Sleep Apnea and Heart Disease
Along with the epidemic of obesity, the incidence of sleep apnea has risen at an alarming rate. The most common form, known as obstructive sleep apnea (OSA), is caused by extra tissue in the upper airway that collapses and literally blocks the airflow to the lungs.
The risk factors for OSA include the male sex
(women's risk increases after menopause), obesity,
and neck size greater than 17 inches. The symptoms
of sleep apnea include fatigue, early morning
headaches, snoring, falling asleep during the
daytime, depression and witnessed episodes of
irregular breathing while sleeping.
Treatment of OSA typically includes the use of continuous positive airway pressure (CPAP) via a special mask that is worn at night. CPAP provides increased pressure to the inside of the airway, keeping it open and allowing air to freely pass into the lungs. Other treatments include weight loss, special devices worn in the mouth, and surgery to the upper airway.
Over the past several years, researchers have been studying the consequences of sleep apnea on the heart. With sleep apnea, very high levels of the stress hormone epinephrine are released hundreds of times each night. This “fight or flight” hormone puts a tremendous strain on the heart, blood vessels and other organs and also disrupts sleep. This may be one mechanism by which sleep apnea can injure the heart and blood vessels.
The strongest association has connected sleep apnea with high blood pressure. Studies have demonstrated that treating sleep apnea will decrease blood pressure even during the daytime without the need to add additional medications.
The National Guidelines (JNC VII) used by physicians to treat high blood pressure list OSA as a major cause of refractory high blood pressure. Recently, more worrisome connections linking OSA to an increased risk of stroke and heart attack have been published. Even after eliminating other risk factors, those with OSA are much more likely to suffer either a stroke or heart attack making sleep apnea a potent risk factor that should be aggressively treated. Sleep apnea is also associated with a variety of other cardiovascular disorders including heart failure, atrial fibrillation and sudden cardiac death.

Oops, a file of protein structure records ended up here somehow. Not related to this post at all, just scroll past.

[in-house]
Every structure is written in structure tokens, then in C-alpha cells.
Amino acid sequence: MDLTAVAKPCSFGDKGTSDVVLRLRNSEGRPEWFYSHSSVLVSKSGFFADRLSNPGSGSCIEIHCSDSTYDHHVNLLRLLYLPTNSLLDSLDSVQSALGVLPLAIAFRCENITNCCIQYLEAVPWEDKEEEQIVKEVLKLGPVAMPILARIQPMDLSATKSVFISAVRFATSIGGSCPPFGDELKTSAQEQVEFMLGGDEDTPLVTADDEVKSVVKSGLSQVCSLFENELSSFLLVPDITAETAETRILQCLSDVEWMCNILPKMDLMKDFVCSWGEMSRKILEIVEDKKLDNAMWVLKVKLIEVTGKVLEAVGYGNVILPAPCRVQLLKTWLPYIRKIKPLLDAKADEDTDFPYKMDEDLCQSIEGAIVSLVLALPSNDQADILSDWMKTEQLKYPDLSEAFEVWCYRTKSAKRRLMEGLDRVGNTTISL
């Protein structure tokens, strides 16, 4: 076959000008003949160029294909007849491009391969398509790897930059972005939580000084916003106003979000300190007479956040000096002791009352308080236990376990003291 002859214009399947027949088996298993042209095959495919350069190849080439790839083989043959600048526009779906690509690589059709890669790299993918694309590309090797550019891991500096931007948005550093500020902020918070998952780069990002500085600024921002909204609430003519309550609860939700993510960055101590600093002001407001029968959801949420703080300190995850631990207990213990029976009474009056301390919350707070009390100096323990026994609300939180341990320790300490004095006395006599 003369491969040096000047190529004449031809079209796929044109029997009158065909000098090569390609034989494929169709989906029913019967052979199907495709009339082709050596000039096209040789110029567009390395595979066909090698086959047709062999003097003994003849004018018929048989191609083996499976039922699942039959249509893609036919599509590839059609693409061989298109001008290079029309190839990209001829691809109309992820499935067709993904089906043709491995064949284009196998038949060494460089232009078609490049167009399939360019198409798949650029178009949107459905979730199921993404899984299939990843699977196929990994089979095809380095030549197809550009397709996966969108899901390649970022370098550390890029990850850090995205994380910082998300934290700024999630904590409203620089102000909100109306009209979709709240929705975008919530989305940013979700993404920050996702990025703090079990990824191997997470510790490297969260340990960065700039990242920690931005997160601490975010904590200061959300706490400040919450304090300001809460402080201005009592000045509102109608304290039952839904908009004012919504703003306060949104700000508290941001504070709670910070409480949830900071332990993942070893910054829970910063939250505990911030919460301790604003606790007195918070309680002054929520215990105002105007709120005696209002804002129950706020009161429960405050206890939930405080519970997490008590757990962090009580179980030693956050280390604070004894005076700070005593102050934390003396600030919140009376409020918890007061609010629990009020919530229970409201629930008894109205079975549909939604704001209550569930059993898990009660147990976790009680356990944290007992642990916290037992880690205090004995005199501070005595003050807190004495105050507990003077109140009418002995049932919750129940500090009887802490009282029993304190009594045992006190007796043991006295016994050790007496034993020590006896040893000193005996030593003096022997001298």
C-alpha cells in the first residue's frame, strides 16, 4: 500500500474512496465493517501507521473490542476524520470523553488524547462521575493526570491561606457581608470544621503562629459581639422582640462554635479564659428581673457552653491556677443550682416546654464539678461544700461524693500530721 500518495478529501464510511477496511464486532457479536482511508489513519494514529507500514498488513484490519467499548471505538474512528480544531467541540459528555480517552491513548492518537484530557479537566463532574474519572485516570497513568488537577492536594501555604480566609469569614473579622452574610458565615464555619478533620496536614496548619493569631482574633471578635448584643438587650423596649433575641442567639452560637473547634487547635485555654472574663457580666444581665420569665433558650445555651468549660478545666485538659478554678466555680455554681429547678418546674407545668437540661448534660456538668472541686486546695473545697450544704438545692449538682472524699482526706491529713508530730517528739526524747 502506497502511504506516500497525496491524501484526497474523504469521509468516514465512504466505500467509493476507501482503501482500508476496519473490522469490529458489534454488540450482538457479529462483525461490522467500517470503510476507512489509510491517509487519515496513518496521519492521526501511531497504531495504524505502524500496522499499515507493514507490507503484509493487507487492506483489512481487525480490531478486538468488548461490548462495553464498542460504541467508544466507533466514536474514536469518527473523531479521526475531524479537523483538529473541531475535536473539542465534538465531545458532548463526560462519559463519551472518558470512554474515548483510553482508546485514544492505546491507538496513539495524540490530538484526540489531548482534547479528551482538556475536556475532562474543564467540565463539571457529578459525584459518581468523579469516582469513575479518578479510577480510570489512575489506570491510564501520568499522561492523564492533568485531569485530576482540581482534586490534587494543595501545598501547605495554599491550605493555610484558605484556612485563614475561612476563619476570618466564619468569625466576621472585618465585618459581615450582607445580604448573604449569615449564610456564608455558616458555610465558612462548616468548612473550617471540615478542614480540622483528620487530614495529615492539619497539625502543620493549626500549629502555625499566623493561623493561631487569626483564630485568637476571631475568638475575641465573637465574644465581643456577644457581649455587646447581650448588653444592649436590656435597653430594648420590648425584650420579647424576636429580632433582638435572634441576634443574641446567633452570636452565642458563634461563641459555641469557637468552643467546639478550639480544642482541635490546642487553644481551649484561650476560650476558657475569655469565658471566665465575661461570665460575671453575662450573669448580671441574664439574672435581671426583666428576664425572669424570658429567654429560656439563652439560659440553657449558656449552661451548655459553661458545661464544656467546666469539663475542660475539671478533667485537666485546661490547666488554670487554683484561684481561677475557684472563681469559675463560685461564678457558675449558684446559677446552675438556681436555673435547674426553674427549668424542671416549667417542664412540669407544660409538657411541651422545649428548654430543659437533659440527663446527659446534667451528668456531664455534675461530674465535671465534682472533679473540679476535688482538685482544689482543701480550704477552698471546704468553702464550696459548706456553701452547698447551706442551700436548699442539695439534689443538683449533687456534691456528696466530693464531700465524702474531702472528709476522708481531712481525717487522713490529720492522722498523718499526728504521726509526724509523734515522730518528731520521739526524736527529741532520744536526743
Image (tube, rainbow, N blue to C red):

The Heart Failure Program and the Sleep Medicine
Program of the University of Pennsylvania have
joined together to address the many aspects of
this significant health concern. The leaders
of this cooperative effort are Ilene
Rosen, MD in the Division of Sleep Medicine,
Goldberg, MD, in the Division of Cardiovascular
As research partners, Dr. Rosen, Dr.
Goldberg and their co-workers study the consequences
and treatment of sleep apnea in people with heart
disease. This has resulted in the initiation
of a multi-center clinical trial evaluating the
treatment of a specific type of sleep apnea on
heart failure symptoms. In addition, another
proposed trial of screening and treating OSA
and heart failure is being finalized. Finally,
collaboration between sleep physicians and cardiologists
is underway to look at sleep apnea and its effects
on treatment outcomes in patients with atrial
Over the past year, the Sleep Center and The Heart Failure Program have developed a clinical pathway to rapidly evaluate and treat any person suspected of having sleep apnea that may be complicating their heart disease. This has led to more rapid diagnosis and treatment and combined with other therapies should improve the quality of life for those impacted by both sleep apnea and heart disease.